Regarding specific emotions, patients with schizophrenia as a group presented difficulties perceiving sadness (F=10.44, df=1, 66, p=0.002), anger (F=11.38, df=1, 66, p=0.001) and surprise (F=5.55, df=1, 66, p=0.021), but not happiness (F=0.22, df=1, 66, p=n.s.), fear (F=2.29, df=1, 66, p=n.s.) and neutral intonation (F=2.18, df=1, 66, p=n.s.) (t2). Specifically, male patients with schizophrenia presented worse recognition of anger (F=19.00, df=1, 43, p<0.001), sadness (F=4.82, df=1, 43, p=0.034), and surprise (F=15.97, df=1, 43, p=0.008) than healthy men, while female patients with schizophrenia showed worse performance than the healthy women on processing sadness (F=5.99, df=1, 21, p=0.023).
The rank order of the six emotions from highest to lowest mean scores was similar for both groups. For the healthy participants, the rank order was neutral intonation, happiness, fear, surprise, anger, and sadness, and for the patients, the rank order was neutral intonation, happiness, fear, surprise, sadness, and anger.
Patients with schizophrenia presented significant impairment in the recognition of affective prosody. This finding is in accordance with previous reports in the literature examining affective prosody recognition in schizophrenia.8—13
Women with schizophrenia present a more favorable social course than men. This sex difference in the social course of schizophrenia may reflect the protective effect of estrogen in women, accounting for the older age of onset of schizophrenia in women. Consequently, women manage to attain a higher level of social, and, possibly, cognitive and personality development before illness onset. Thus, their social functioning may be less impaired by the illness than men (for a review of gender differences in schizophrenia see Häfner).24 In accordance, women with schizophrenia have shown better absolute levels of verbal learning than males, although both groups were impaired relative to the general population.25 It is accepted that verbal memory deficits in schizophrenia have been associated with all types of functional outcome.26 In our study, only men with schizophrenia presented significant deficits on recognition of affective prosody compared with healthy men, whereas women of the two groups performed similarly on the APT. Affective prosody deficits in patients with schizophrenia have been found to be related to dysfunction in occupational performance.13 In another study, inaccurate "affect recognition," which was a composite index based on measures of vocal and facial affect identification, was associated significantly with impoverished interpersonal relations, even after controlling for subject’s intellectual abilities and illness severity.27 In our study men with schizophrenia had more trouble with perception of affective prosody than women with schizophrenia, even than women would still have some difficulty when matched against comparison subjects. Sex-related deficits on affective prosody decoding might contribute to the well-documented sex differences in social functioning in schizophrenia. This gender differentiation could not be attributed to any significant differences in age, level of education, duration of illness, psychopathology, or schizophrenia type.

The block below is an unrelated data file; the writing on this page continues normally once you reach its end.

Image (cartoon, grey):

With regard to each emotion type separately, patients performed worse in anger, sadness, and surprise. Specifically male patients with schizophrenia presented worse recognition of anger, sadness, and surprise than healthy males, while female patients with schizophrenia showed worse performance only on processing sadness than healthy females. In general, the impairment in sadness and anger is in agreement with the negative valence hypotheses. Murphy and Cutting have suggested that the deficit in prosodic perception may be due to reduced performance on sadness.14 Edwards et al. also tracked down problems in the prosodic perception of negative emotions, specifically in fear and sadness.11 Studies in facial affect recognition also showed a specific deficit in recognition of negative emotions;4 specifically in facial identification of fear and sadness.11,28 Surprise is classified as neither a positive nor a negative emotion. Previous studies have failed to demonstrate a difference between the performance of patients and healthy participants on stimuli indicating surprise. Therefore, the lower score exhibited by our patients with schizophrenia in surprise prosody is difficult to explain.
Studies of brain damaged patients and brain functional imaging of healthy individuals exploring the neural structures by which human beings recognize emotion from prosody, have suggested that the recognition of emotional prosody draws on distributed and bihemispheric structures, with right inferior frontal regions (Brodmann’s area 10) being the most critical components of the system. These areas work together with more posterior regions in the right hemisphere (anterior parietal cortex), the left frontal regions, and subcortical structures (basal ganglia, amygdala), all interconnected by white matter.29,30 Regarding the amygdala, it has been suggested that its role in recognizing emotion in prosody might not be crucial.31,32 However, others have reported amygdala activation to emotional auditory stimuli.33,34 Ross et al. compared patients with schizophrenia, right brain damage, and left brain damage and proposed that impairment in affective prosody in schizophrenia results from right hemispheric dysfunction.12 Recently, a functional MRI study of a group of male patients with schizophrenia demonstrated a reversal of the normal right-lateralized temporal lobe response to affective prosody.35
Since there is a clear correlation between the level of difficulty of the APT for the healthy comparison subjects and the likelihood that the patients with schizophrenia would perform more poorly, we cannot determine whether there are true differential deficits in affect perception or whether these differences are due to psychometric artifact. Consequently, future research will need to address this issue.
In summary, patients with schizophrenia presented significant impairment in recognition of affective prosody compared with healthy subjects. This deficit was gender specific, as only men with schizophrenia presented significant impairment on recognition of affective prosody compared with healthy men. Finally, with regard to each emotion type separately, patients performed worse in emotions with negative valence, specifically anger and sadness. Future studies should also explore the consequences of these deficits on social and interpersonal functioning more directly.